Jan 19, 2022
As we advised in Tax Tip 20-04 , significant additional disclosure and filing requirements for trusts were announced in the 2018 Federal Budget and are scheduled to apply for trust’s 2021 and subsequent tax years.
“One can never know for sure which way the Tax Court will rule.”
One “sin of omission” that occurs more often than tax preparers would care to admit is the failure to report a tax-free capital gain, such as the gain on the sale of shares of a “small business corporation” that is eligible for the $750,000 capital gains exemption. This exemption is technically called the “capital gains deduction,” as it is a deduction of up to $375,000 taken in computing taxable income, after first reporting the taxable capital gain (which is one-half of the capital gain).
A common tax planning technique is a “crystallization” transaction, whereby shares of a small business corporation are sold so that the capital gains deduction can be used and the cost base of the shares increased. When this is done, the capital gain must be reported and the capital gains deduction can be claimed. We have seen many situations where the tax return preparer, for whatever reason, fails to report the capital gain and the capital gains deduction on the tax return.
When this happens, the taxpayer faces the risk that Canada Revenue Agency (CRA) may deny the capital gains deduction if the omission is eventually discovered. In addition, in a future year, the taxpayer could mistakenly claim the capital gains deduction again because the balance may appear to be available.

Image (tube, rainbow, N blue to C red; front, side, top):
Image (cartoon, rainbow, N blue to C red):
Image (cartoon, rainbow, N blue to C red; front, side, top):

Where a taxpayer either knowingly, or under circumstances amounting to gross negligence, fails to report an eligible capital gain on their tax return for the applicable year, or includes it but fails to file the return within one year of the date the return was required to be filed, the CRA may deny the capital gains deduction.
If this issue is appealed to the Tax Court of Canada, the onus is on the CRA to prove gross negligence. Fortunately for taxpayers, the courts have generally agreed that “gross negligence” requires a certain degree of intentional acting or complicity, or something close to willful blindness, on the part of the taxpayer, and not mere ignorance. However, each case depends on its facts and one can never know for sure which way the Tax Court will rule.
As a result, taxpayers have been successful in the majority of cases. Furthermore, the CRA has confirmed that it will not deny the capital gains deduction if the taxpayer voluntarily reports the capital gain after the time frame referred to above.
Nonetheless, this is one omission that it is best to avoid. The last thing most taxpayers want is an expensive and uncertain Tax Court fight with the CRA, even if they win in the end.
TAX TIP OF THE WEEK is provided as a free service to clients and friends of the Tax Specialist Group member firms. The Tax Specialist Group is a national affiliation of firms who specialize in providing tax consulting services to other professionals, businesses and high net worth individuals on Canadian and international tax matters and tax disputes.
The material provided in Tax Tip of the Week is believed to be accurate and reliable as of the date it is written. Tax laws are complex and are subject to frequent change. Professional advice should always be sought before implementing any tax planning arrangements. Neither the Tax Specialist Group nor any member firm can accept any liability for the tax consequences that may result from acting based on the contents hereof.
TAX TIP is provided as a free service to clients and friends of Cadesky Tax.
The material provided in Tax Tip is believed to be accurate and reliable as of the date of posting. Tax laws are complex and are subject to frequent change. Professional advice should always be sought before implementing any tax planning arrangements. Cadesky Tax cannot accept any liability for the tax consequences that may result from acting based on the contents hereof.